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Progressive Conservative MHA Steve Kent.
©Telegram file photo
Progressive Conservative MHA Steve Kent said he was dismayed to see that the Liberal government provided nearly $150,000 in business development funding to a former Liberal candidate on the south coast of the province.
But Bill Carter, the former Liberal candidate who got money to upgrade his hotel, didn’t think much of Kent’s concerns.
“Bullshit,” Carter said when The Telegram called and explained the issue.
“The election is long behind me. We’re working very hard on growing our business and developing our business.”
On Tuesday, the provincial government announced funding for a bunch of projects on the south coast. One of those projects was $149,920 to help with upgrading Carter’s Southern Port Hotel in Harbour Breton, and building four cottages on the property.
“I think it’s a blatant abuse of power, and a blatant abuse of taxpayers’ dollars for the Liberal government to be continuing to be rewarding Liberal party supporters,” Kent said Wednesday.
“A gift of $150,000 for a recent Liberal candidate to fix up his hotel and build some new cabins doesn’t seem like a great use of the Business Investment Fund, and this trend is continuing.”
Kent also pointed out Carter had been appointed to the government’s Standing Fish Price-Setting Panel earlier this year.
When it comes to the money, the provincial government clarified to The Telegram that it is mostly a loan, with $110,000 due to be repaid with interest, and the other $40,000 to be used for marketing costs.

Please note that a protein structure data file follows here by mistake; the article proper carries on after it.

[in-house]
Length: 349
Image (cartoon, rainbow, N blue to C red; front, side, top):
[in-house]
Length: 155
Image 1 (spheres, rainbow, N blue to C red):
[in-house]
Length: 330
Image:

Carter, when he spoke to The Telegram, said he was under the impression the whole amount is a repayable loan, which will be used on a combination of the cottages, but also on energy efficiency, heat recovery and air conditioning systems.
Carter said they’re trying to build the tourism industry in a beautiful but largely forgotten corner of the province. He said he’s been trying to arrange for bus tours to come to the Coast of Bays.
“In order to do that, I need to be able to accommodate a certain number of people,” he said.
“The addition will give me that extra capacity.”
Christopher Mitchelmore, minister of Tourism, Culture, Industry and Innovation, said decisions like this are made by bureaucrats, and they doesn’t even come to the politicians.
“If a loan reaches a certain scale, then it would go through a cabinet process, but this loan would not meet that mechanism,” Mitchelmore said. “It would go through departmental staff.”
Mitchelmore said the government sees a lot of promising potential in the south coast for tourism.
“If there are other operators that are looking at doing upgrades or expanding, I certainly encourage them to talk to the department,” he said.